The stock on the railways includes the fixed assets like the permanent way, bridges and buildings. Rolling stock covers all the wheeled vehicles. More specifically the term is often used to distinguish the stock that must be moved around the system from the locomotives that provided the motive power. In modern times the use of coaching stock that is integral with the power source has removed this distinction from passenger traffic.
In its most basic form the rolling stock of a railway at first consisted of trucks alone. These were operated by gravity, so no locomotive was required; these trucks included the wagons that were used to carry the slate down from the mine at Blaenau Ffestiniog in Wales to the harbour at Porthmadog. Workers had to perch precariously on the wagons as they began their long descent, to apply the brakes. When the train was eventually brought to a halt and the slates had been transferred to the waiting ships the empty wagons had to be returned uphill. This was done by a horse, who had also made the perilous journey down in a truck at the back of the train.
Puffing Billy was one of the first locomotive to haul trains in 1815, and the rolling stock was exclusively mineral wagons. Richard Trevithick’s Catch Me Who Can steam engine ran round a circuit of track in Euston Square in London during 1808, and the rolling stock on that ‘Steam Circus’ was for passengers. The first paying passengers to be carried on a railway line were loaded into coal trucks, which may (or may not) have been modified by the provision of seating. The earliest railway coaches made to carry people looked very much like the stage coaches that travelled the roads. These were for First Class passengers, and Third Class travellers were still squeezed into open wagons. This ended in the 1840s, as public outrage at transporting the poor in such uncomfortable conditions grew too loud to ignore. Passenger carriages were all more or less the same, with only the level of internal luxury distinguishing them; that is once the lowest class of passengers got a roof over their heads. Originally there were three classes of passenger, but the Midland Railway abolished Second Class in 1872, and the other companies soon followed. First and Third classes remained until 1956, but by then standard of Third Class carriages was amazing good. I well remember the compartments where all the seats had antimacassars (which were regularly changed). There were pictures behind every seat – coloured reproductions of paintings, photographs of beauty spots along the line – or else mirrors. They were all kept spotlessly clean by the army of railway workers that were then employed – modern rail companies please note.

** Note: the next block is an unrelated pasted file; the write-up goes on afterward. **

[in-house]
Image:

Freight demanded numerous different kinds of wagon. As the working of the railways rapidly progressed all kinds of traffic developed their own specific kind of wagon – horse boxes, oil tankers and bolster cars, to name but three. With the modernisation of the railways in the 1960s this variety was simplified somewhat; the mixed freight trains disappeared and livestock was no longer carried on the railways. Short wheel-based four-wheeled rolling stock was replaced, and long wheelbase container flats became the main goods rolling stock. This container traffic predominates in East Anglia, carrying import from the docks at Felixstowe, although there are trains of open wagons for sand from Kings Lynn, and tanker wagons from North Walsham for North Sea gas distillate. Many lines now carry no regular freight services; there is for instance no goods service from Norwich to Ely. In the mid twentieth century freight was still a massive user of the railways. This transfer to carrying people is the major change on the railways, which were originally built to carry freight with passengers as an awkward afterthought. The track maintenance trains for leaf cleaning and line replacement, and the special technical vehicles that carry out the checking of the line are another kind of rolling stock. Naturally these are used over the whole network.
Wheels are what makes rolling stock roll, and I can remember the railwayman walking along a train with a long-handled hammer and banging it on the wheels as he passed. This was to check for any flaws, as a cracked wheel would not make the same ringing sound. This is far too unscientific a process to be used today, but it was undoubtedly effective.
That is my overview of railway rolling stock, from the earliest primitive trucks of the eighteenth century tramways to the sophisticated carriages of today. Everything has changed, but rolling stock still needs wheels. Eventually, if magnetic levitation ever moves from the drawing board to practical use, we will have to adopt a new terminology. Until then we will continue to refer to rolling stock.